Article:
7 Strange But True Facts About the Group of Seven

From sex scandals of tractor heirs to Communist propaganda groups, we bet you didn't know all these trivia tidbits about Canada's most famous artists.

They may be Canada’s most famous painters, but there’s more to the Group of Seven than just beautiful landscapes (not to mention Hollywood superfans and record-breaking auction prices). Did you know the following strange but true facts about the Group?

1. The most popular “Group of Seven” painter wasn’t even in the group.

Although he’s forever associated with the Group, and did indeed work with and greatly influence them, Tom Thomson died in 1917, two years before the Group’s official formation.

Visit one of Thomson's biggest inspirations

2. The Group of Seven owes its existence to a tractor company.

Lawren Harris was an heir to the fortune of Massey-Harris, the largest farm machinery company in Canada. He used this money to support the Group in its early days and to build their first studio.

Find out more about the Northern Ontario landscapes that inspired Harris

3. The Group of “Seven” actually includes a total of 10 people.

After Frank Johnston left the Group in 1920, A.J. Casson joined in 1926. Two further members were later added: Edwin Holgate in 1930 and LeMoine Fitzgerald in 1932. Perhaps struggling with this discrepancy between name and number, the Group disbanded that same year, returning as the rebranded Canadian Group of Painters a year later.

Learn more about the Northern Ontario landscapes that inspired Johnston and Casson

4. One of the Group drew cartoons making fun of his colleagues.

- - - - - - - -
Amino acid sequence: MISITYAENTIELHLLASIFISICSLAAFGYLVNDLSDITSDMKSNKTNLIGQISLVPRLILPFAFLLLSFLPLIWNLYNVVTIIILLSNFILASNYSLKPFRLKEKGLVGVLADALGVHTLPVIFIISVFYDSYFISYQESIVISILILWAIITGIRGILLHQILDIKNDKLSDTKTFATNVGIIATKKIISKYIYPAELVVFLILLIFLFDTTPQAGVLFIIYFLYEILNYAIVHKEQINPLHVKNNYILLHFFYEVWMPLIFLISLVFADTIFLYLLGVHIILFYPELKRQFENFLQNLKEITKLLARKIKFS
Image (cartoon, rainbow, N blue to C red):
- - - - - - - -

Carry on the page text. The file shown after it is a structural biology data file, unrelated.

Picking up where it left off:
Arthur Lismer, credited with naming the Group of Seven, was also known to create cartoons of his colleagues in the Group. This image gently mocks Lawren Harris's famous North Shore, Lake Superior (1926), showing Harris cutting down a tree so he could paint around the stump. Lismer also caricatured people who he perceived to be the Group's enemies. His cartoons were later collected in a 1985 book.

5. F.H. Varley visited the Soviet Union with a Communist front outfit.

In 1954, at the height of Stalinism and the Cold War, Varley was part of a Canadian delegation of artists, musicians, and writers who went on a visit to the Soviet Union, described by its organizers as "the first cultural exchange of the Cold War Era." These organizers were the Canadian-Soviet Friendship Society, since revealed to be a USSR-funded propaganda group. Varley never publicly declared any communist or pro-Soviet views; he may have just appreciated the free trip, and indeed returned with some painted landscapes.

6. Lawren Harris was accused of bigamy.

In 1934, Harris left his wife of 24 years, Beatrice Phillips, to marry longtime crush Bess Houser. This was scandalous by the morals of the day, and Phillips’ family threatened to charge Harris with bigamy. He and Houser moved to the US for six years while the scandal cooled down, and they stayed together until her death in 1969.

7. The biggest Group of Seven collection includes not only artworks, but six of the members’ remains!

Harris, Lismer, Varley, Johnston, Casson, and A.Y. Jackson are buried on the grounds of the McMichael Collection in Kleinburg, Ontario.

Want to find out more about the Group of Seven in Northern Ontario? Whether it's in the Northeast, Algoma or Northwest; by boat, train or sea kayak, we've got you covered.

About Malcolm Fraser

Malcolm Fraser is a writer, editor, filmmaker and musician based in Montreal. His book Wooden Stars: Innocent Gears, about the influential Ottawa rock band, was published by Invisible Publishing in 2013. Malcolm was Managing Editor of NorthernOntario.travel from 2016-2020. He is currently an editor with Montreal Review of Books and host of the What Is This Music?! podcast.